Matthew also includes four women in the genealogy of Yeshua: Tamar, Rahab, Ruth, and Bathsheba. Judah, Tamar’s father-in-law by whom she conceives twins states that she is more righteous than I (Gen 38:26, KJV). Rahab protects not only the Israelites who enter her city, Jericho (Josua 2:6) but also strikes a deal with them so that she can protect her family too. Ruth becomes a stranger in a strange land when together with her mother-in-law (Naomi) enters Bethlehem and begins to glean in Boaz’s field. Uriah was Bathsheba’s first husband and David’s faithful foreign soldier. By naming Bathsheba “the wife of Uriah,” Matthew highlights David’s sins, even as he portrays Yeshua as the Son of David. By pointing to these four women in Yeshua’s genealogy, Matthew highlights that His lineage was far from perfect.
The heavenly genealogy of the King of the Jews
Just as Matthew (and Luke) points from the beginning of his Gospel to the earthly genealogy of Yeshua, John in the beginning of his Gospel points to Yeshua’s divine genealogy. John 1:1-2 (TLV)
In the beginning was the Word. The Word was with God, and the Word was God.He was with God in the beginning.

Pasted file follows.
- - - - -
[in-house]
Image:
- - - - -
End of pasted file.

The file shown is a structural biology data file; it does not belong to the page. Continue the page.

One can see a clear parallel to Genesis 1:1 (TLV)
In the beginning God created the heavens and the earth.
John, in a different manner than Matthew, begins his Gospel highlighting Yeshua’s divine nature—something many theologians call a high Christology. For John, Yeshua is first divine, and he did it consider important to first point to His divinity. Yeshua is from the beginning with God and God Himself. After John points to Yeshua’s divine genealogy, he points to His humanity.
John 1:14 (TLV)
And the Word became flesh and tabernacled among us. We looked upon His glory, the glory of the one and only from the Father, full of grace and truth.
The significance of Yeshua’s genealogy
The genealogy of the King of the Jews is salient for any believer. Yeshua’s genealogy proves that He was born as a human being from a real human (imperfect) family. Yeshua was a Jew because He was born in a Jewish family from a Jewish woman in Israel. Yeshua does not have Jewish roots—He is Jewish and will always remain Jewish.